A section of Beirut’s massive port grain silos, shredded in the 2020 explosion, collapsed on Sunday after a weeks-long fire triggered by grains that had fermented and ignited in the summer heat.
The northern block of the silos collapsed in a huge cloud of dust after what sounded like an explosion.
It was not immediately clear if anyone was injured.
The 50-year-old, 48m tall giant silos withstood the force of the explosion two years ago, effectively shielding the western part of Beirut from the blast that killed more than 200 people, wounded more than 6,000 and badly damaged entire neighbourhoods.
A fire had broken out in the northern block of the silos due to fermenting grains.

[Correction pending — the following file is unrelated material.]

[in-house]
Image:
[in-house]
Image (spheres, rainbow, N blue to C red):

Firefighters and Lebanese army soldiers were unable to put out the fire which continued smouldering for weeks, releasing bad odours into nearby cities.
The environment and health ministries last week issued instructions to residents living near the port to stay indoors in well-ventilated spaces.
Emmanuel Durand, a French civil engineer who volunteered for the government-commissioned team of experts, told the Associated Press that the northern block of the silo has been tipping since the day of the blast, but the fire weakened its frail structure, accelerating its collapse.